CLEVELAND — At face value, it’s still a day of Matlock meets Betty Crocker at a lawn party fish fry. Southern tradition — real and imagined, it seems — still hangs in the air on the campus of Delta State University as thick as the humidity.
STARKVILLE — On many levels, I cringe right along with a lot of my fellow Mississippians when I read stories in the national media about how poor, unhealthy, backward, ignorant, racist, sexist, homophobic and xenophobic that we all allegedly are here in Mississippi.
STARKVILLE — Virginia Gov. Terry McAuliffe signed an executive order last week that in one stroke of the pen restored the suffrage of 206,000 convicted felons in a state that’s expected to be a key swing state in the 2016 presidential election.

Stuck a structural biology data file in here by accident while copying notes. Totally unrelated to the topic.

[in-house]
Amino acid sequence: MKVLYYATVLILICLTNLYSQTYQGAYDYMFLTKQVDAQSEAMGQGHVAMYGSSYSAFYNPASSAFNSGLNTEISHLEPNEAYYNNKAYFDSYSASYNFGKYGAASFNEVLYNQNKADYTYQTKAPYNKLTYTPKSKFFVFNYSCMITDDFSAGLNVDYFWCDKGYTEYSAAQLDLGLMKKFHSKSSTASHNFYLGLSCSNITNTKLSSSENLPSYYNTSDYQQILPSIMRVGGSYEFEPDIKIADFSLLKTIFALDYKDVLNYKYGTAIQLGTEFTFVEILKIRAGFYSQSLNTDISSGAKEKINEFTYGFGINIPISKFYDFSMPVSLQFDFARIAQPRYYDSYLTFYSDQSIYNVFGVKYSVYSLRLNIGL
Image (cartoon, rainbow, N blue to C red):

Mississippi, like the rest of the country, has been engaged in debates of important, complex, and nuanced matters involving how our local, state and federal governments attempt – or don’t attempt – to protect us. The topics are weighty and serious.
For old-school newspaper opinion/editorial writers, Twitter has always seemed anathema to what we tried to spend our careers doing — challenging people to talk and think about the important public policy debates that confronted us as citizens.
Early this year, I praised Mississippi Secretary of State Delbert Hosemann’s package of significant election reform proposals. At inception, those reform offerings were worthy of praise and passage.
But the legislative process had ground those proposals down.
The legislative rationale behind Senate Bill 2237 presumes falsely that the business of taking an inmate’s life as punishment for a capital crime should be easy, quiet, free from confrontation or protest, and hidden as much as possible from public view or scrutiny.